linear non-threshold model

World War II ended with the bombings of Hiroshima and Nagasaki. Those bombings and the late effects of radiation on the development of cancers in those “survivors” spurred scientific inquiry into the mechanisms underlying human carcinogenesis – the development of cancer. Today’s regulatory science of chemical carcinogens is based upon assumptions and beliefs that are now 75 years old. Our understanding of carcinogenesis has evolved; should our regulatory models shift?
The EPA’s model for assessing the rise of carcinogenesis from chemicals and their dose-response models remains controversial. Is the EPA “following the science” or making assumptions?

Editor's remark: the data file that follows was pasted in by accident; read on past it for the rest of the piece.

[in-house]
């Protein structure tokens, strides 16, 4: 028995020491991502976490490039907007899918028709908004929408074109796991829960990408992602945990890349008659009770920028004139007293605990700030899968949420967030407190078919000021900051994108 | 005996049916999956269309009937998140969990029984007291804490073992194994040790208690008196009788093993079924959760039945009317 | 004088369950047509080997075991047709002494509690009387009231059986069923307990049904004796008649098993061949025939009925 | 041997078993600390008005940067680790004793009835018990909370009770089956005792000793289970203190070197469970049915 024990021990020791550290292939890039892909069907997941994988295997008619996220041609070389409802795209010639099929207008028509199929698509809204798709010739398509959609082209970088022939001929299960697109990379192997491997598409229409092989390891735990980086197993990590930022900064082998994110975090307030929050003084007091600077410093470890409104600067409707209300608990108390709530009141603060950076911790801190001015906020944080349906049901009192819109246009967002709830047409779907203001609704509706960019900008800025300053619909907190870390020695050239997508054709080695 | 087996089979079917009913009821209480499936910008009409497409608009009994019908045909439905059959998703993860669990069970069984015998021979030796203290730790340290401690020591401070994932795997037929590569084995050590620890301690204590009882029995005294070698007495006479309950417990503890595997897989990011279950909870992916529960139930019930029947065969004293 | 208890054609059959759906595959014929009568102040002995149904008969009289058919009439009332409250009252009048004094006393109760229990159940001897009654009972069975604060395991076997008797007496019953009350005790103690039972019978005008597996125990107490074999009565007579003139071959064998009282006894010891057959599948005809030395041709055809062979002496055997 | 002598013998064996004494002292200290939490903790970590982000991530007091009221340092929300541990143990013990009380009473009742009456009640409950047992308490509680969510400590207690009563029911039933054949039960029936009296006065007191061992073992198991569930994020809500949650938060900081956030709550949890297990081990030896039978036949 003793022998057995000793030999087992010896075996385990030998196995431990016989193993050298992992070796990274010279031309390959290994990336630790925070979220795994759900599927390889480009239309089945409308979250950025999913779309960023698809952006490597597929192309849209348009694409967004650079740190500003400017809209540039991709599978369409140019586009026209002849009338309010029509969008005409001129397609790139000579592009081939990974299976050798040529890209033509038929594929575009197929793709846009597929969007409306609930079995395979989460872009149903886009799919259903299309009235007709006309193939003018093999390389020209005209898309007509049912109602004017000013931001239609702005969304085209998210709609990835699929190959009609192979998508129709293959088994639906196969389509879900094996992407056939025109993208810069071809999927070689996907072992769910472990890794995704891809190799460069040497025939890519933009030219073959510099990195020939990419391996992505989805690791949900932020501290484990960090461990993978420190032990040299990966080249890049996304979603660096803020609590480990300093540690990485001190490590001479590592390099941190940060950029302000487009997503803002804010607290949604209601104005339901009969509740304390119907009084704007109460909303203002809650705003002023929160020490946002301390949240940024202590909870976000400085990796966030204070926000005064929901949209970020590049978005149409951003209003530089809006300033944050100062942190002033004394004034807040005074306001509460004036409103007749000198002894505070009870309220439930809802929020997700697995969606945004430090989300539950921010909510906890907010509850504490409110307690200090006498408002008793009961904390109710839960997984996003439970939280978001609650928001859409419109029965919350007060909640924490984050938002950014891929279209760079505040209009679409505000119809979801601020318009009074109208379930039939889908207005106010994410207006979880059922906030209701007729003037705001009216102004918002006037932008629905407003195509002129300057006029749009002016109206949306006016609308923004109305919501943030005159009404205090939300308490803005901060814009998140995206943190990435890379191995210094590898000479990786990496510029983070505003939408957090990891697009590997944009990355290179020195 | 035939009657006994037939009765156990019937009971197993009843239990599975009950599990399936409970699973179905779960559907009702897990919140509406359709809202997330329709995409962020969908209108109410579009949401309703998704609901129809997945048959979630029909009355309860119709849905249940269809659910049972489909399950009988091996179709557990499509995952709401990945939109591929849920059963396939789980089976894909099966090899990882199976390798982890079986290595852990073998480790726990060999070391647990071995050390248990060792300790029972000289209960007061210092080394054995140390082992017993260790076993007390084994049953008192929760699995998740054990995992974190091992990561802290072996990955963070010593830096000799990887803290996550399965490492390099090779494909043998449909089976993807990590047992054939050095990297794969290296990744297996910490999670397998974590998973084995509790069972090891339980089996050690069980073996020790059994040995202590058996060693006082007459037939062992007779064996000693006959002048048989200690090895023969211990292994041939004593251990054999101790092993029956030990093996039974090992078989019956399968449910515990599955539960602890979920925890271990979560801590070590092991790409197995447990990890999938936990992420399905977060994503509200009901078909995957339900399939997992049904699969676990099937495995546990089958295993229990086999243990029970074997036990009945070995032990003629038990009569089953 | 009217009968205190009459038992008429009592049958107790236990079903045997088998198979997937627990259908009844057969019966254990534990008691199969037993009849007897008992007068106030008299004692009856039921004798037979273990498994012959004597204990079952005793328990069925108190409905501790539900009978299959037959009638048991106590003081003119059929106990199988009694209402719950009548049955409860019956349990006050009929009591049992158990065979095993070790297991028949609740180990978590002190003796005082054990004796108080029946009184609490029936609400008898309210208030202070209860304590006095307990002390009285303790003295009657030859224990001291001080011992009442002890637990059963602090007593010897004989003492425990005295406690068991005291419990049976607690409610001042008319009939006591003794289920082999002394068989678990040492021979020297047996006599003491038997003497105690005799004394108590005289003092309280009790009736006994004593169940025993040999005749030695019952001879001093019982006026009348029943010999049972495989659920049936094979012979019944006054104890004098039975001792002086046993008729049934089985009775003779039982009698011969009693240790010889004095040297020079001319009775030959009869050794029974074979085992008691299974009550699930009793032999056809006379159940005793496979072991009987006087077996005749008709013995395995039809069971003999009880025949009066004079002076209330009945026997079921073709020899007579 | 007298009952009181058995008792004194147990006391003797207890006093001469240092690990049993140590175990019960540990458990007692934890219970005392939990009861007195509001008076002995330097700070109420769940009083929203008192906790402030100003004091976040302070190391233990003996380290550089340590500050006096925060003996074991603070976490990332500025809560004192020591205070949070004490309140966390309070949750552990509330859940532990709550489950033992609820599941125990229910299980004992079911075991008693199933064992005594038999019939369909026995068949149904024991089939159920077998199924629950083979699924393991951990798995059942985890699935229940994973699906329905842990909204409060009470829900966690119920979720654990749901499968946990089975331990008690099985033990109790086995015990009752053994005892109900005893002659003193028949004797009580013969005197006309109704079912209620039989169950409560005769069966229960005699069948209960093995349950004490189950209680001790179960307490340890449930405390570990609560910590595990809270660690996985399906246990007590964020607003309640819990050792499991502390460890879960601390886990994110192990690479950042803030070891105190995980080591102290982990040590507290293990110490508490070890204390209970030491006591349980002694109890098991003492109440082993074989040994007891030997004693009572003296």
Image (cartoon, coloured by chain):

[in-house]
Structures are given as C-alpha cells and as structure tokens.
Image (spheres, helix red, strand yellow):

Science should always be open to new approaches and ideas. Perhaps this seems self-evident, but although this may sound good in theory, many scientists view new approaches challenging their long-held beliefs with skepticism or downright hostility. Rather than rationally examining ideas that cause discomfort, ideas are off-handedly dismissed, and the people advancing them are attacked. This is the scientific version of “cancel culture.”